Facebook to scan for child porn

May 19, 2011
Facebook's chief technology officer said Thursday that the social network will start scanning for child pornography and images of missing children.

Facebook's chief technology officer said Thursday that the social network will start scanning for child pornography and images of missing children.

Facebook is teaming up with Microsoft and the National Center for Missing and Exploited Children to use photo "fingerprint" technology to search for pictures matching those in the US organization's data base.

"We care deeply" about stopping abuse, officer Bret Taylor said while revealing the alliance during testimony at a US hearing in Washington on mobile phone and Internet privacy.

Microsoft PhotoDNA technology used at search engine Bing and online file storage service SkyDrive will be put to work at the world's leading social network.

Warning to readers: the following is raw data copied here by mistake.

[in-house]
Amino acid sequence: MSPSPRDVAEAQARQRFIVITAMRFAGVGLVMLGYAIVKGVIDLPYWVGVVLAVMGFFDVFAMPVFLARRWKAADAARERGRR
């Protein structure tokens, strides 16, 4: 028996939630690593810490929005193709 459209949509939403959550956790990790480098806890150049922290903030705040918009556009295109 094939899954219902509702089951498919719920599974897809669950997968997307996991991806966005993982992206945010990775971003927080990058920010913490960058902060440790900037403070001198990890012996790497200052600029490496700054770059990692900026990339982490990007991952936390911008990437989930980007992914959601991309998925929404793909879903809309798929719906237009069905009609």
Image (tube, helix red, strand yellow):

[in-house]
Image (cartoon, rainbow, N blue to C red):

PhotoDNA has already evaluated more than two billion digital pictures at Microsoft services, finding 1,000 matches on SkyDrive and 1,500 matches through Bing image indexing, according to Microsoft Digital Crimes Unit associate general counsel Bill Harmon.

"PhotoDNA identified horrific images on our services that we would have never found otherwise," Harmon said.

With Facebook among the world's largest photo-sharing services, "their participation in the PhotoDNA program will significantly expand the program's impact," Harmon added.

Each month Facebook users share more than 30 billion pieces of content including pictures, news stories, blog posts, and Web links, according to Microsoft.

"Identifying graphic in a sea of content like that is a daunting task, but PhotoDNA is helping to find the proverbial needle in a haystack," Harmon said.

Explore further: Study: Social media users shy away from opinions

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